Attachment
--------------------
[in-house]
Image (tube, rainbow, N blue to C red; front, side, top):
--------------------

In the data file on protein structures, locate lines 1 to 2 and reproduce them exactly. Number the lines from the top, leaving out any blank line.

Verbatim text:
[in-house]
Image (tube, rainbow, N blue to C red; front, side, top):